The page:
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The Fast Track To Smart Cars


Imagine a future where cars can “talk” to one another to avoid accidents and figure out who has the right of way at junctions. You’d be able to get into your car, give it a location and then rest as it automatically sends you to your destination.

Nanyang Technological University (NTU), its School of Electrical and Electronic Engineering (EEE) and Dutch firm NXP Semiconductors have joined forces to help make this a reality. They have set up a four-year, S$22 million programme to study vehicle-to-everything (V2X) technologies that enable vehicles to communicate wirelessly with one another and with intelligent roadside infrastructure such as traffic lights.

Cars, motorcycles and other automobiles would get real-time alerts about road conditions and other vehicles, including their speeds and directions, long before dangers come into sight. According to the United States Department of Transportation, V2X safety functions could have prevented more than 80 percent of multi-car accidents. NXP Executive VP of Technology & Operations, Dr Hai Wang said: “More roads, tunnels and overpasses will not solve global megacities’ traffic challenges in the long run Technologies like V2X can save lives by avoiding accidents and limiting congestion, travel time and carbon dioxide emissions."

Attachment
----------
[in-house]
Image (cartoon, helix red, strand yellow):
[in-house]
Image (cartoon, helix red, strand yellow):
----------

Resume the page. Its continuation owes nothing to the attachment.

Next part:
The NTU-NXP test bed will involve more than 100 vehicles and 50 roadside units in the NTU campus. The researchers have installed some of the infrastructure and successfully tested several applications including accident and pedestrian crossing warnings.

They are now working on areas such as car convoying, where cars follow one another in a tight formation to optimise traffic flow, and protecting the Internet-connected vehicles against hackers.

"The rapid growth in vehicle populations needs to be matched by an efficient, safer and clean transportation system. Our collaboration will also pave the way to realising Singapore’s Smart Mobility 2030 vision.” Professor Peter Chong, Director of the NTU-NXP Smart Mobility Test bed.


Click here to find out more.

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